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The ecosystem response to urban transformation: the impact of rapid urbanization on the social demographics of ecologically significant insect species


The International Cooperative Biodiversity Group (ICBG) Program addresses the interdependent issues of drug discovery, biodiversity conservation, and sustainable economic growth ( Our ICBG brings together an interdisciplinary leadership team of physicians, pharmacologists, evolutionary biologists, and chemists that will discover and develop therapeutic agents produced by Brazilian bacteria. The team will target three therapeutic areas: 1) infectious fungal diseases, 2) cancers of the blood, and 3) Chagas disease, ali of which urgently require new therapeutic agents to meet unmet needs. Invasive fungal diseases are a challenge to human health and now kill more people than malaria or TB. In spite of major improvements in cancer chemotherapy, cancer will kill 8-million people around the world this year (13% of ali deaths, WHO) and an estimated 13-million in 2030. Chagas disease imposes a special burden on Brazil, which has roughly half the world s patient population (4-million Brazilians), and the disease kills as many Brazilians as does TB. The ICBG has focused and separate screening platforms for ali three diseases that can perform ali required steps from primary screens through in vivo mouse model studies. The ICBG will focus on the bacterial symbionts of social insects like the fungus-growing ants as these insect communities have specialized bacterial symbionts that provide chemical defenses against pathogenic fungi that threaten their communities. The ecological role of the bacterially produced chemical defenses killing pathogenic fungi but sparing the fungal gardens and the insect host matches the therapeutic requirements for antifungal, anticancer, and antiprotozoal agents. The population levei diversity of the bacterial producers will also provi de multiple variations of a structural family, which will be very useful in supporting a discovery and development pipeline. The discovery efforts will make extensive use of cutting edge technology and genomic approaches. Bacteria will be micro-cultured for high-throughput primary phenotypic screens, and priority actives will be re-cultured for secondary screens and then dereplication. Ali bacterial strains will be genotyped (16S), and strains advancing along pipelines will have their genomes sequenced and subjected to bioinformatic analysis. In addition, the ICBG will undertake major efforts to catalog Brazil’s microbial diversity, train Brazilian scientists, and support the development of drug discovery in the country. (AU)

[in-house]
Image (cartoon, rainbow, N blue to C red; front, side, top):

Articles published in Agência FAPESP Newsletter about the research grant:
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